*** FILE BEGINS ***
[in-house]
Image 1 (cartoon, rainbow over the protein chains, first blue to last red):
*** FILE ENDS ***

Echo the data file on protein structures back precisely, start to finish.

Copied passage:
[in-house]
Image 1 (cartoon, rainbow over the protein chains, first blue to last red):